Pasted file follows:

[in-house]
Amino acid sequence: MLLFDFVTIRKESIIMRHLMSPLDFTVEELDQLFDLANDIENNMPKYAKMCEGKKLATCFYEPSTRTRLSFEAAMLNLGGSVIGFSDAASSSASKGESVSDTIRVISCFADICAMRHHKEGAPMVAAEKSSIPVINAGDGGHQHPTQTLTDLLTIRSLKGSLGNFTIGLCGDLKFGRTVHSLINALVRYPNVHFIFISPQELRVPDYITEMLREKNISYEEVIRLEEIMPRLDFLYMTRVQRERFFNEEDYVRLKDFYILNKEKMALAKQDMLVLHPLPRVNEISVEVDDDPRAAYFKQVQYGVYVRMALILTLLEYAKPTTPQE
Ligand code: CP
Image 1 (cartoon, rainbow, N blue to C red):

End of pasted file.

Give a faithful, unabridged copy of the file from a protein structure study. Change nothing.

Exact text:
[in-house]
Amino acid sequence: MLLFDFVTIRKESIIMRHLMSPLDFTVEELDQLFDLANDIENNMPKYAKMCEGKKLATCFYEPSTRTRLSFEAAMLNLGGSVIGFSDAASSSASKGESVSDTIRVISCFADICAMRHHKEGAPMVAAEKSSIPVINAGDGGHQHPTQTLTDLLTIRSLKGSLGNFTIGLCGDLKFGRTVHSLINALVRYPNVHFIFISPQELRVPDYITEMLREKNISYEEVIRLEEIMPRLDFLYMTRVQRERFFNEEDYVRLKDFYILNKEKMALAKQDMLVLHPLPRVNEISVEVDDDPRAAYFKQVQYGVYVRMALILTLLEYAKPTTPQE
Ligand code: CP
Image 1 (cartoon, rainbow, N blue to C red):